Uganda: Understanding the role of a National Oil Company

Oil rig West-Africa20 November 2013, Kampala – At the height of World War I, the leader of France, Benjamin Clemenceau, called his American counterpart Thomas Woodrow Wilson with a plea: “the allies must not let France run out of petrol which is as necessary as blood in the battles of tomorrow”. At the time, petroleum exploration, production and marketing was dominated by British and American multinational companies such as BP, Standard Oil, Exxon, etc. The suspicion grew among other governments that they could not trust foreign private companies, however well-managed and regardless of their reliable track record, with oil and gas resources in light of the need also to use petroleum for domestic energy stability. This gave birth to the idea of a national oil company. This should be distinguished from multinational/international oil companies which are normally powerful foreign-owned corporations. Some national oil companies are fully owned by their governments while others are co-owned with investors. There are various reasons for the formation of these companies ranging from ensuring security of supply of petroleum products for the local market and building local expertise in the industry, to accessing crucial industry information and participating in exploration, production and marketing of oil and gas. Some companies carry out regulatory, supervisory and monitoring functions on behalf of their governments. Some developing countries established national oil companies due to sheer nationalism and patriotism. Still, others were founded to provide employment to locals in the lucrative oil industry. With the exception of the United States, every major petroleum-producing country has owned or owns a national oil company. The government should now be in the final stages of establishing Uganda’s own oil company. According to the Petroleum (Exploration, Development and Production) Act, 2013, the yet-to-be-named company will be 100 per cent state owned. Its broad objective is to manage Uganda’s commercial aspects of petroleum activities and the participating interests of the state in the petroleum agreements. Much as we are embracing it, the concept of full ownership by the state is falling out of favour around the world due to poor performance of these companies. Modern national oil companies are designed and structured, for all intents and purposes, to be commercial vehicles competing with the multinationals for the oil reserves. – The Observer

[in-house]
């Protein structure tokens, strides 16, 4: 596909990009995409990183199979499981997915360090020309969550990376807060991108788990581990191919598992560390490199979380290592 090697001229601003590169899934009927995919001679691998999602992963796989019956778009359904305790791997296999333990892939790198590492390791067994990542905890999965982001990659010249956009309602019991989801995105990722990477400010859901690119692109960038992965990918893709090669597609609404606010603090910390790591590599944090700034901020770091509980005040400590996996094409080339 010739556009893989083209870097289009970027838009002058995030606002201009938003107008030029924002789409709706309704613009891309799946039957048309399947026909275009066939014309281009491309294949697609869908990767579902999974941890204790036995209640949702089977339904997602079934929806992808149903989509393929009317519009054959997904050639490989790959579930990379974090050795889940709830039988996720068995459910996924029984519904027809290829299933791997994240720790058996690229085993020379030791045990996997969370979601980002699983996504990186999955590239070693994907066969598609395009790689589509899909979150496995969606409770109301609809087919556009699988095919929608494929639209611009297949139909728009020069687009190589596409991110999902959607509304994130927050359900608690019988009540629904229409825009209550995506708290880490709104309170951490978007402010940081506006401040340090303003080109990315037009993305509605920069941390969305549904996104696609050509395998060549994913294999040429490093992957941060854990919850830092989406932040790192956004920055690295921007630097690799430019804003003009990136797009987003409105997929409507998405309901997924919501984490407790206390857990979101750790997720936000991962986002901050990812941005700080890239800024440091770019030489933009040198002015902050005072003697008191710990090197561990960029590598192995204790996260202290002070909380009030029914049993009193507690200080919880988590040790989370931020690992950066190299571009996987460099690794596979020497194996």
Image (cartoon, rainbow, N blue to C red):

About the Author